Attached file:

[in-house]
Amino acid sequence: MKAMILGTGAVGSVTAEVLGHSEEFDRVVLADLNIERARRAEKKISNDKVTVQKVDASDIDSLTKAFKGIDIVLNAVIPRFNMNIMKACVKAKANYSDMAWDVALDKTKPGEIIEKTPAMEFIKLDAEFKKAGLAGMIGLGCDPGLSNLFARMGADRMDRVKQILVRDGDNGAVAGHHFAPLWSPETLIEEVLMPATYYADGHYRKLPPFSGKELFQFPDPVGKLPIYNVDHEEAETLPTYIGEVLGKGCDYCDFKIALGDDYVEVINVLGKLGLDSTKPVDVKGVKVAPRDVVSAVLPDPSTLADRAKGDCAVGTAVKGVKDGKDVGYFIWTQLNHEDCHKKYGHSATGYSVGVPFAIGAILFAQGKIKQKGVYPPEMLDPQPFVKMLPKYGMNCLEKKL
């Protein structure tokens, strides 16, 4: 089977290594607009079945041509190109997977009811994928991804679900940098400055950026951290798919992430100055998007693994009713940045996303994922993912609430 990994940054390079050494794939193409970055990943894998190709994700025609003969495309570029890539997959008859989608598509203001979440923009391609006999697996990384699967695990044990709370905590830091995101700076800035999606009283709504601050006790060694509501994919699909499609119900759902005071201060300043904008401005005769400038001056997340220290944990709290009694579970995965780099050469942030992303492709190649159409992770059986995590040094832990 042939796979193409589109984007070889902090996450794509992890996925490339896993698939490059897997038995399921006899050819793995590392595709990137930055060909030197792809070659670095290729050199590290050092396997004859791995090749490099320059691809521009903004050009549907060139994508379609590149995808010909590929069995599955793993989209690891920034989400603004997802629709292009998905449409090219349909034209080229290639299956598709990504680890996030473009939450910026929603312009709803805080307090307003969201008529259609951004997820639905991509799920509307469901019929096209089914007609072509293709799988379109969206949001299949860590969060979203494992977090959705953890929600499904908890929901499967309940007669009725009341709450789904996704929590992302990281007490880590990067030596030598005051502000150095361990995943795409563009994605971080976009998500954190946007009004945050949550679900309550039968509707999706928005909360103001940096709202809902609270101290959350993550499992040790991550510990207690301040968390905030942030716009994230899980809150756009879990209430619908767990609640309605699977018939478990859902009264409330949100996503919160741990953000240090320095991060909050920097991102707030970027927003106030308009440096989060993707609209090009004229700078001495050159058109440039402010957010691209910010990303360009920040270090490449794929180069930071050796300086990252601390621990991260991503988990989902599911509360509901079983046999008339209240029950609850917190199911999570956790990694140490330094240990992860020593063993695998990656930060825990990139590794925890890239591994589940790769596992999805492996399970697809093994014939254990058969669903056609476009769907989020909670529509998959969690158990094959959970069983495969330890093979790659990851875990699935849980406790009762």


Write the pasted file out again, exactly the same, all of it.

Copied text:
[in-house]
Amino acid sequence: MKAMILGTGAVGSVTAEVLGHSEEFDRVVLADLNIERARRAEKKISNDKVTVQKVDASDIDSLTKAFKGIDIVLNAVIPRFNMNIMKACVKAKANYSDMAWDVALDKTKPGEIIEKTPAMEFIKLDAEFKKAGLAGMIGLGCDPGLSNLFARMGADRMDRVKQILVRDGDNGAVAGHHFAPLWSPETLIEEVLMPATYYADGHYRKLPPFSGKELFQFPDPVGKLPIYNVDHEEAETLPTYIGEVLGKGCDYCDFKIALGDDYVEVINVLGKLGLDSTKPVDVKGVKVAPRDVVSAVLPDPSTLADRAKGDCAVGTAVKGVKDGKDVGYFIWTQLNHEDCHKKYGHSATGYSVGVPFAIGAILFAQGKIKQKGVYPPEMLDPQPFVKMLPKYGMNCLEKKL
């Protein structure tokens, strides 16, 4: 089977290594607009079945041509190109997977009811994928991804679900940098400055950026951290798919992430100055998007693994009713940045996303994922993912609430 990994940054390079050494794939193409970055990943894998190709994700025609003969495309570029890539997959008859989608598509203001979440923009391609006999697996990384699967695990044990709370905590830091995101700076800035999606009283709504601050006790060694509501994919699909499609119900759902005071201060300043904008401005005769400038001056997340220290944990709290009694579970995965780099050469942030992303492709190649159409992770059986995590040094832990 042939796979193409589109984007070889902090996450794509992890996925490339896993698939490059897997038995399921006899050819793995590392595709990137930055060909030197792809070659670095290729050199590290050092396997004859791995090749490099320059691809521009903004050009549907060139994508379609590149995808010909590929069995599955793993989209690891920034989400603004997802629709292009998905449409090219349909034209080229290639299956598709990504680890996030473009939450910026929603312009709803805080307090307003969201008529259609951004997820639905991509799920509307469901019929096209089914007609072509293709799988379109969206949001299949860590969060979203494992977090959705953890929600499904908890929901499967309940007669009725009341709450789904996704929590992302990281007490880590990067030596030598005051502000150095361990995943795409563009994605971080976009998500954190946007009004945050949550679900309550039968509707999706928005909360103001940096709202809902609270101290959350993550499992040790991550510990207690301040968390905030942030716009994230899980809150756009879990209430619908767990609640309605699977018939478990859902009264409330949100996503919160741990953000240090320095991060909050920097991102707030970027927003106030308009440096989060993707609209090009004229700078001495050159058109440039402010957010691209910010990303360009920040270090490449794929180069930071050796300086990252601390621990991260991503988990989902599911509360509901079983046999008339209240029950609850917190199911999570956790990694140490330094240990992860020593063993695998990656930060825990990139590794925890890239591994589940790769596992999805492996399970697809093994014939254990058969669903056609476009769907989020909670529509998959969690158990094959959970069983495969330890093979790659990851875990699935849980406790009762």